In 193 BCE, the Seleucid king Antiochus III, perhaps in anticipation of his upcoming campaign in the Greek west, established a new royal cult for his queen, Laodike III. Details of the queen’s cult suggest it was intended to equal the cult of Antiochus III himself in prestige, yet its promotion was weak and by the death of the king a few years later it had all but disappeared. This paper examines a bricolage of numismatic, epigraphic, and archaeological records, particularly the initial royal prostagma, as well as the bronze Nikephoros coinage, to infer on the geographic spread and intended audience for the worship of Laodike III. Seleucid queens were not typically given a cult in their own name, making the establishment of official worship for Laodike III a key moment in considering the imposition of royal cult as a Seleucid response to a particular social and political context. Epigraphic evidence suggests that there was initial intent on widespread dissemination of, and elite involvement in, the cult, with the aim of stabilizing the future security of the dynasty. Bearing in mind the success of the Ptolemaic royal cult and in particular that of the divinized queen Arsinoe II, as well as the strong familial presence in Attalid self-representation, one must ask why this particular attempt at a female ruler cult did not come to occupy a similarly central role in Seleucid royal ideology.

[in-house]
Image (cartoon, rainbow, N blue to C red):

Literary, epigraphic, and archaeological evidence all demonstrate that the religions of Arsacid Iran is a matter of complexity. The attested religious beliefs and practices reflect the cultural variability of a global empire, encompassing different regions, populations, backgrounds, and even languages. Within this framework, cults and devotion are difficult to address if not considered as part of this complex phenomenon. The degree of complexity increases with the growth of available information, as demonstrated by new data from ancient Elymais (nowadays Khuzestan), the region of Parthian Iran in which monumental religious architecture and sculpture are documented more widely than elsewhere. Surveys and excavations conducted in the highlands of Khuzestan provide new insights on the complexity of religion in that region. Not only have new monumental religious buildings been discovered, which may be classified together with the famous cult terraces of Masǰed-e Soleymān and Bard-e Nešānda, but the coexistence of religious and funerary practices in the same archaeological context was also detected in one of the most important cult places of ancient Iran: the sanctuary of Shami. In the present essay, these insights are discussed in the light of the evidence that was acquired particularly during field surveys and excavations conducted by the Iranian-Italian Joint Expedition in Khuzestan, with the purpose of offering new insights into this never-ending debate.